A child support agreement developed between parents in North Carolina sometimes addresses the expenses that could arise for a child's uninsured or unreimbursed medical expenses. These costs represent bills in addition to health insurance premiums, such as co-pays, deductibles, prescriptions or dental and vision expenses not covered by insurance. A child support order could describe specifically when a noncustodial parent must pay a portion of these extraordinary medical expenses. A custodial parent, however, might encounter difficulty collecting payment if the other parent protests the cost or the support order does not clearly address the situation.
Privately approaching the noncustodial parent with a request for money represents the first step. If this does not result in payment, then a parent must use the enforcement system to pursue payment. Deadlines apply to collection efforts. Parents should act as soon as possible and be prepared to present all receipts about the medical care provided. A court might need to intervene when parents disagree about the medical necessity of certain procedures.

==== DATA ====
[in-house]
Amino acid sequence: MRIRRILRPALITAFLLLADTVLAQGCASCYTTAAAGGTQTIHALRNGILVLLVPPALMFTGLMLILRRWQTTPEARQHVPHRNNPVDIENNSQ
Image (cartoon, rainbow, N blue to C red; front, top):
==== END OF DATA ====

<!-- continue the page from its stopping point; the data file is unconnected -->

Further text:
If a court agrees that a noncustodial parent must pay, the outstanding bills will be deemed arrearages just like unpaid child support. Enforcement actions could include seizure of tax refunds or wage garnishment.
A person involved in a dispute about paying for a child's medical expenses might want legal representation from a family law attorney. The lawyer could review the existing child support order and explain the obligations that it imposes on the noncustodial parent. If necessary, an attorney could petition a court to collect the unpaid balance if private communications between the parents do not resolve the problem. An existing agreement that does not adequately address uninsured medical expenses might benefit from modification. Legal counsel could approach the court and propose new terms for a post-divorce modification of the child support agreement.